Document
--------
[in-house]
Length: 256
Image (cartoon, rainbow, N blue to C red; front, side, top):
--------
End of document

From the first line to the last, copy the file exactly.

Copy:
[in-house]
Length: 256
Image (cartoon, rainbow, N blue to C red; front, side, top):